After the reveal, all of the players involved declare what their actions represent and which faculty and aptitude they are calling on. Then the GM (with the help of all of the players) needs to take a moment to sort out which actions are opposing one another. Any actions between two characters where the story cannot make sense if both actions succeed must be resolved as opposing actions.

The above conflict round is an excellent example for this rule, and I would use my readjustment of which actions oppose one another as the resolution of the example.
« Last Edit: August 26, 2006, 06:34:28 AM by Brennan Taylor » Logged

Jason Morningstar
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« Reply #23 on: August 26, 2006, 07:23:12 AM »

OK, I think we were playing all or nothing - one set of actions, then redistribute if you want to pay for it, then the stakes are resolved.  Which looks like it is wrong ... correct me if I'm mistaken, guys.
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Doyce
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« Reply #24 on: August 26, 2006, 08:14:44 AM »

*light comes on*

Oh, I see!  "Each side won one of the ACTIONS, so what happens to the STAKES?"  Right?  That's what it boils down to.

Phrased that way (simplified, obviously, far more easily than it ever is when you're sitting at the table), the answer is obvious: you play another round of conflict, just as Brennan says above.

Brennan, actually, I have a suggestion (and actually, for right now, I'm just going to put part of this up on the Wiki): at some nebulous future point if/when you revise Mortal Coil, USE THIS CONFLICT as the example for the text of "Conflict Rounds" on p. 58.

Quote
Often, after everyone involved in a conflict has taken an action [should maybe read 'all their actions'], the outcome of the conflict is still not clear. If the group is unsure who has won the conflict [really should be "the stakes" there], then [the conflict] is not complete and another round of actions needs to be initiated.

Now, I know that you HAVE an example there, but allow me to submit my humble opinion that it's probably the worst example text that you have in the whole book, because it's so very vague.  I read the "Conflict Rounds" bit and nodded, then read the Example and was in no way enlightened as to when that might come up in play... I didn't see the specific actions that failed and succeeded on either side that lead to unresolved stakes -- I was just told that they happened, so I suppose it failed on the "show me, don't tell me" writing rules.   

In any case, I sorta shrugged and figured "well, I'll know it when I see it."

And then Clinton posted pretty much exactly that situation, and I didn't know it when I saw it, despite the fact that their situation is a pretty dang good example of it.
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Doyce Testerman ~ http://random.average-bear.com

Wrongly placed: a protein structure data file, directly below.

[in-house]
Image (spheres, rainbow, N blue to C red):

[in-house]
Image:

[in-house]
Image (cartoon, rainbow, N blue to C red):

Someone gets into trouble, then get get out of it again; people love that story -- they never get tired of it.
Doyce
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« Reply #25 on: August 26, 2006, 08:21:53 AM »

OK, I think we were playing all or nothing - one set of actions, then redistribute if you want to pay for it, then the stakes are resolved.  Which looks like it is wrong ... correct me if I'm mistaken, guys.

Heya Jason,

Take a look at the "Conflict Rounds" section was just blathering about (redundantly to Brennan's post, mostly) on p. 58 of the dead tree edition.

I don't know that you're playing it "wrong" -- often, it seems like one round of conflict should resolve the conflict and indicate who won stakes.  Maybe not really really often, but yeah... fairly often.

You got one of those situations where you need that rule on page 58.
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Doyce Testerman ~ http://random.average-bear.com
Someone gets into trouble, then get get out of it again; people love that story -- they never get tired of it.
Brennan Taylor
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« Reply #26 on: August 27, 2006, 07:45:30 AM »

OK, I think we were playing all or nothing - one set of actions, then redistribute if you want to pay for it, then the stakes are resolved. Which looks like it is wrong ... correct me if I'm mistaken, guys.

OK, wow. Yeah, if you do that, the rules totally break.

Clinton, is this what happened?
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Clinton R. Nixon
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« Reply #27 on: August 27, 2006, 08:02:17 AM »

That's exactly what happened.

So, then, when is the conflict resolved?
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Clinton R. Nixon
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Brennan Taylor
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« Reply #28 on: August 27, 2006, 08:20:08 AM »

That's exactly what happened.

So, then, when is the conflict resolved?

If you do the first round of actions and it's clear which side won, then the conflict resolves.

If you get to the end of the first round of actions and neither side wins, you do a second round of actions (in the example case, probably the shaman trying to put the kid over the fire to do the ritual, and the nurse trying to stop him again). You continue to do action rounds, with your action tokens refreshing to your pool at the end of each one, until one side or the other is the clear winner. At that point, the conflict resolves.

Basically, if you can't win with your initial tactic, you try something else that gives your character a different advantage in the next round of actions. The nurse in your example could try to call for help, or get some tool to help her in the physical conflict (a gun, a club, whatever).
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Jason Morningstar
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« Reply #29 on: August 27, 2006, 10:34:44 AM »

So winning takes place entirely on the social contract level?